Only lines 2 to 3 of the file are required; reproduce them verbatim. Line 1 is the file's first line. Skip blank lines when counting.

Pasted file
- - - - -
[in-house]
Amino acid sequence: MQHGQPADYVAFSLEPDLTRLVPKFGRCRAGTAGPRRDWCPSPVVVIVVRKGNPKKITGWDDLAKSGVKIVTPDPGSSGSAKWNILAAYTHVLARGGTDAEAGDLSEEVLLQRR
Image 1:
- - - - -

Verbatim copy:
Amino acid sequence: MQHGQPADYVAFSLEPDLTRLVPKFGRCRAGTAGPRRDWCPSPVVVIVVRKGNPKKITGWDDLAKSGVKIVTPDPGSSGSAKWNILAAYTHVLARGGTDAEAGDLSEEVLLQRR
Image 1: